Cullinane: The biggest one to me is that the level of sophistication's getting incredible. It's getting scary. EBay was a technology company; they were expected to have technology sophistication to be able to do things like that. Target and Neiman Marcus are retailers. They aren't going to go spend the kind of money that a technology company needs to spend. Being able to share that data about what's going on and use it across industries and across businesses is really critical, especially when you start looking at [small and medium-sized (SMB)] businesses that don't have the resources and if they do have money, don't know where to find the resources they need.

I think that's one of the big ones. It's good intelligence information on what to go look for and what to do about it so that you can take those limited resources and spend them in the right way. There's a lot of fascinating stuff going on.

There's a lot of interesting things going on in the cloud space and very interesting opportunities to go leverage the capabilities of the cloud to reduce your cost and create a more secure environment. Amazon Web Services, for instance, offers us a PCI-certified environment. If you have a PCI requirement, you just move all your data into their cloud and they do all the PCI certification work for you.

Are more cloud providers becoming aware of and certified in specific regulations?

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Cullinane: Yes, they are. Amazon's way out in front of everybody in that space. The others are coming along. It's one of the things the Cloud Security Alliance is trying to do, too. We've got the cloud Security, Trust & Assurance Registry (STAR) where we developed a set of criteria that are best practices for security for cloud providers. They can get C-STAR certified. Then, if you're looking for somebody that you want to do a relatively benign application on, you can go and make sure that you find the least expensive one, but one that is still certified. You can be sure that you're getting good security in what you're buying and not going to get breached through that mechanism.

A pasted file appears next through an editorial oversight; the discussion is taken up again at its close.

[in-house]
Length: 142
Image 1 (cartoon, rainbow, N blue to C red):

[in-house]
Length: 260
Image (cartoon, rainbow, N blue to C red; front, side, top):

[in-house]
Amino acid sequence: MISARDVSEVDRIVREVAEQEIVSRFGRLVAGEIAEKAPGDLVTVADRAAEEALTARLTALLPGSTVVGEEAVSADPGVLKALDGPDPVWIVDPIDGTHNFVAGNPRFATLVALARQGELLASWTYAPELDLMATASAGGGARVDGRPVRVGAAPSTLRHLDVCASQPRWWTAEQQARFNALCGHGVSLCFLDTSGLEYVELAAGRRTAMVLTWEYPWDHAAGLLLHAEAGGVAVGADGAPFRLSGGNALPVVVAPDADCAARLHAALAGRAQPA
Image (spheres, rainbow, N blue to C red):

What's your take on using security as a means to a competitive advantage?

Cullinane: It can be and it should be, but that's actually a double-edged sword. That's one of the issues we're finding when getting people to share information effectively. They say, 'Well, I know what I need to know, and that's a competitive advantage for me.' That's leaving the [SMBs] totally exposed. We shouldn't be doing that, that's not right. We have a responsibility for information sharing in some spaces.

Company A and company B may be competitors, but they're dealing with a common adversary. The adversary is collaborating incredibly effectively to attack both of them. They should be collaborating to be able to deal with that. But as a differentiator, yes. If Company A is getting much better security, I'm much more likely to use them than I am to use company B.

But do you think the general public cares about security?

Cullinane: They do, but I don't think they understand it well enough. It's a pretty complex space. Particularly, when you start looking at things like 'The answer to Target is using chip cards' or 'The answer to Target is encrypting all the data, so even if it does get stolen, nothing happens.' Or telling Target what's going on beforehand so they can stop it from happening in the first place. Or is it a combination of all of the above? It gets to be pretty complex.

We did a bunch of work at eBay with our customers because eBay was very much a customer business. Their security was critical, and they were getting attacked. Most people are getting attacked today. Their PCs are being attacked in multiple ways.

Just trying to get them to do things from a security perspective proved a lot more challenging than we thought it would. We actually got Microsoft to give us Microsoft Security Essentials for free to give to our customers. We had to convince them that they needed it. It's about getting the untrained person or the unaware person to understand that there are certain things they need to be doing.

Let us know what you think about the story; email Ben Cole, site editor. For more regulatory compliance news and updates throughout the week, follow us on Twitter @ITCompliance.